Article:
NEC Wind Ensemble: Salute to Contemporary Musical Arts

NEC: Jordan Hall | Directions

290 Huntington Ave.
Boston, MA
United States

The NEC Wind Ensembles are first in line when given a chance to celebrate music making across disciplines.  This concert brings together musicians of the Wind Ensemble and the CMA departments as we celebrate together the 50th anniversary of  CMA at NEC.  CMA instrumentalists join the Wind Ensemble to play Hankus Netsky’s Klezmer Nonantum Bulgar and on Michael Gandolfi’s landmark Vientos y Tangos variations. CMA vocalists provide old-time New England shape note singing as prelude to William Schuman’s arrangements of Chester and When Jesus Wept. Thomas Duffy join us from Yale for his crossing genres Three Places in New Haven. We celebrate another anniversary as well – the 100th birthday of Stravinsky’s Octet – a work to wind players as a Beethoven symphony is to the orchestra.
-- Charles Peltz

  1. Igor Stravinsky | Octet (1922)

    Sinfonia: Lento - Allegro moderato
    Tema con variazioni: Andantino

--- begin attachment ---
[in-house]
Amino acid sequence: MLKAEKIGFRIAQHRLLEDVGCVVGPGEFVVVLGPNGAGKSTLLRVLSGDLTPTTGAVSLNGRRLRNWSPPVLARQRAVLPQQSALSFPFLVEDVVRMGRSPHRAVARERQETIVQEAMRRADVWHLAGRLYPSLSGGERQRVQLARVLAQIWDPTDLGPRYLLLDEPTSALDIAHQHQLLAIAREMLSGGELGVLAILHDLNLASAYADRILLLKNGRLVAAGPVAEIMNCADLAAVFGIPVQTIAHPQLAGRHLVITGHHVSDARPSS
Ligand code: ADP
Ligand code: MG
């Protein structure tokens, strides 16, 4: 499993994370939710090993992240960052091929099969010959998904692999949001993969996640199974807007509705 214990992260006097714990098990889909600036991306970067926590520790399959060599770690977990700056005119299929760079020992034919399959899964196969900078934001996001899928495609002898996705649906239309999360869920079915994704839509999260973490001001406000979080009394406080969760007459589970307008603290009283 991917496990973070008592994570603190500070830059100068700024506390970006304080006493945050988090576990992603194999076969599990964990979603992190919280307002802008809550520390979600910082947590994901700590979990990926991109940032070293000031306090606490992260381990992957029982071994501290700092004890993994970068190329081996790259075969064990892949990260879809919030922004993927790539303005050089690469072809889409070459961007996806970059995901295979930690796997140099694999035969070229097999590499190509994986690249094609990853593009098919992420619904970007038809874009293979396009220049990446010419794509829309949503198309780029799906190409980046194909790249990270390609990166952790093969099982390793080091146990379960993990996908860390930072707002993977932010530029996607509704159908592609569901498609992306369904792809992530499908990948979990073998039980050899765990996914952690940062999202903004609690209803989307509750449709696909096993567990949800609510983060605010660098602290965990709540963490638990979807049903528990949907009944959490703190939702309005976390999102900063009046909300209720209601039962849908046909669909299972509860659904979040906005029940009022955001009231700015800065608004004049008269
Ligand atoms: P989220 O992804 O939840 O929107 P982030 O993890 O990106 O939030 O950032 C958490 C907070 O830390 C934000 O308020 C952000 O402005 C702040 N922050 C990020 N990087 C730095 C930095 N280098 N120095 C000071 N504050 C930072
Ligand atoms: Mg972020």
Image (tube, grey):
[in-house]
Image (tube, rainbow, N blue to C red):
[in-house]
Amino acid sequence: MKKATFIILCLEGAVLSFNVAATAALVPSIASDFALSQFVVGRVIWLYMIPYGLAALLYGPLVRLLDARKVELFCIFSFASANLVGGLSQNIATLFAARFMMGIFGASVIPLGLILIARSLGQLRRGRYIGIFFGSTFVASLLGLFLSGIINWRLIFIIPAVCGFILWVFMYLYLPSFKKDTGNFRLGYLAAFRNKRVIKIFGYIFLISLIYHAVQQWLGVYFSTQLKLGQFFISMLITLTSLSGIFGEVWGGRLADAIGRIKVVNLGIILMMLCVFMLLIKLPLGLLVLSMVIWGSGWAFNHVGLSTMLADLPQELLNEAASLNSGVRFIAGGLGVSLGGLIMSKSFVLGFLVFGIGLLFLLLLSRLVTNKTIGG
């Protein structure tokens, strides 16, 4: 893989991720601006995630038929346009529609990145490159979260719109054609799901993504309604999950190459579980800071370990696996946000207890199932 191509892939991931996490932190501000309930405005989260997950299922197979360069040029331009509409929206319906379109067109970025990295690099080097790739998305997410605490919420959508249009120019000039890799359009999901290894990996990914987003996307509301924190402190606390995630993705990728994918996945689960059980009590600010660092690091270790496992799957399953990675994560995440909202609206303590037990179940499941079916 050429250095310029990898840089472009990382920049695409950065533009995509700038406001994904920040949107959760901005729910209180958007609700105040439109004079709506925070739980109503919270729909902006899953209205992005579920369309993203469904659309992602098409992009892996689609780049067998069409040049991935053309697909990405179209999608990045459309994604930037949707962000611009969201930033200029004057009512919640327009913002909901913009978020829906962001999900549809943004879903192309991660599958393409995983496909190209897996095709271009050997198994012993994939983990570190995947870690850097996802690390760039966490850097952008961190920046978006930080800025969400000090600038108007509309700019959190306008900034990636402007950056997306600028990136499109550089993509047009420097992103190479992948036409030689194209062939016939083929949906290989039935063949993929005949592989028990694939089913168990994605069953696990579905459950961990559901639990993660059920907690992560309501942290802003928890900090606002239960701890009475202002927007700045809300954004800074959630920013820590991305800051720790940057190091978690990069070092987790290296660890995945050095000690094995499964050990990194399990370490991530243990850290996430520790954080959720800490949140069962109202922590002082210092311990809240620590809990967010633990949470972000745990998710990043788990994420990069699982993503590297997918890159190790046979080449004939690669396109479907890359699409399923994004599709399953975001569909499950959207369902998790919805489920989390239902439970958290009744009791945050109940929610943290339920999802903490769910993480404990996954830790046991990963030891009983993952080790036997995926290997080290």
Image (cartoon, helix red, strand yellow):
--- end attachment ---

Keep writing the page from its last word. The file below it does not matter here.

Finale: Sempre = 116.  Tempo giusto

  2. Hankus Netsky | Nonantum Bulgar

    Hankus Netsky, conductor

  3. Thomas Duffy | Three Places in New Haven: Concerto for Marimba and Wind Ensemble (For Robert Van Sice) (2001)

    Castle in the Sky (Rollo Reads a Book)
    The Long Wharf (Rollo Sails Away)
    City Band March (Rollo Gets a Job)

    Thomas Duffy, conductor

  4. William Schuman | from New England Triptych

    II. When Jesus Wept
    III. Chester

  5. Michael Gandolfi Vientos y Tangos (2004)

    Program note

    Vientos y Tangos (Winds and Tangos) was commissioned The Frank L. Battisti 70th Birthday Commission Project and is dedicated to Frank Battisti in recognition of his immense contributions to the advancement of concert wind literature. It was Mr. Battisti’s specific request that I write a tango for wind ensemble. In preparation for this piece, I devoted several months to the study and transcription of tangos from the early style of Juan D’arienzo and the “Tango Nievo” style of Astor Piazzolla to the current trend of “Disco/Techno Tango,” among others. After immersing myself in this listening experience, I simply allowed the most salient features of these various tango to inform the direction of my work. The dynamic contour and the various instrumental combinations that I employ in the piece are all inspired by the traditional sounds of the bandoneon, violin, piano, and contrabass.
    --Michael Gandolfi